Friday, September 30, 2011

Things to check before renting a flat in Singapore

1 - Work with a property agent. If you are a foreigner or you do not know what you are doing, do not try to save money by not working with a property agent. A property agent earns more if you pay higher rental (half of 1 month rental for 1 year lease from you) so do not expect him or her to try to lower the rental, they will not bother. But at least, they will keep things legal and they are less likely to be cheated by a conman then you. Rental scams in Singapore are known to exist and victims are usually the foreigners working without an agent.

2 - Be sure that the property agent is registered. Since January 2011, conducting estate agency work without a valid licence or registration is an offence in Singapore. All registered agents now have their CEA (Council of Estate Agency) license numbers. Be sure that you have this number checked. You will see it on agents business card (I think it is mandatory to put it in the name card). He/She will have 2 numbers: Estate Agents Licence No / Salesperson RegNo. Check these numbers online from CEA page. Click the search sales person and enter Salesperson RegNo. Follow the link in the search result and make sure that the property agents name match and he/she is the person on the photo.

3 - Check if the unit is approved for rent.  Public housing flats, known as HDB after the government body building them, requires approval to be rented out. "Request the flat owner to show you a copy of the approval letter to rent out their flat, as obtained from HDB."[1] Housing Development Board (HDB) also advises you to put a condition in contract that the validity of the contract is subject to the flat owner obtaining the approval.[1]

4 - Check the owner is really the owner. Fake landlord scams are quite common around the world and Singapore is not an exception. First visit the flat before renting it. This may be obvious but some foreigners who forget to request a temporary stay from the employer on arrival desperately try to rent a place from abroad and fall into this trap easily.

But even if the person has access to the flat, this does not prove he/she is the landlord. Be sure you have documented proof of ownership before giving away money or signing up a contract. Some documents which can prove ownership are "Agreement for Lease, Service & Conservancy charges booklet, Annual or Loan instalment payment booklet/Annual Loan statements, bearing the name of the flat owner"[1].

5 - Do not advance pay. Some people find it attractive to pay in advance for a discount. This may cost them a small fortune. A friend of mine lost a small fortune 2-3 years ago by doing so. His landlord with money problems asked him to pay 5 months in advance so he could stay 1 month free. Although everyone advised him not to do so, he paid the money. 2 months later the flat was possessed by the bank and he was asked to leave. He tried to recover his money back but he was not successful. You cannot imagine how easy it is to get lost for someone, by simply changing his address.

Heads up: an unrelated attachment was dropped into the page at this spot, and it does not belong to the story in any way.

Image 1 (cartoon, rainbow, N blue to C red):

How much should you pay? 1 year lease requires 1 month rent + 1 month rent as deposit payment after contract is signed and 2 year lease requires 1 month rent + 2 months rent as deposit. Avoid any scheme other than this.

6 - Know your options. Many foreigners come to Singapore with a temporary place to live before finding a rental unit. I think the standard is 1-2 months temporary flat. In a hurry, they do not make decisions based on all available options. And it seems like many property agents make these foreigners think like a private property unit is the only practical option for them to live in. If you are on expat package paying your rent, or you earn really high this is not an issue. But I see many foreigners stretching their budget and sacrificing their comfort by squeezing themselves into smaller private units with higher rental prices. Smaller and higher compared to public housing units.

In Singapore you can rent a public housing unit (called HDB) by a valid work pass. 80 per cent of Singaporeans live in these units as well as many foreigners working here. Although there are many old and bad units of HDBs out there there are very good ones as well. The catch is you can for example rent a large 4 - 5 rooms furnished HDB flat with a very good condition by 2,300 - 2,800 SGD per month and live comfortably while same sized unit of a private resident would cost you easily 4,500 SGD+ per month. There is absolutely no reason to try to fit into a shoe box (less than 500 square feet units) for 3,000+ SGD when a large 4 room flat can be rented by 2,500 SGD per month.

Singaporeans, especially the ones in HDB units are very friendly people, HDB is a great place to taste the culture here and they are usually surrounded with better amenities than condominiums. Plus you can save up to 20,000 - 30,000 SGD per year by living in an HDB. It is not only on rent you save. You save on every other cost as well (HDB flats are surrounded with cheaper and wider eating and shopping places than condominiums).

7 - Bargain, bargain, bargain.  This is Asia, here we bargain. So landlords assumes that you may bargain and ask a higher price than they are willing to get. Offer 20 per cent less (at least) than the asking price and bargain hard.

[1] - Steps Involved in Renting a flat

No comments:

Post a Comment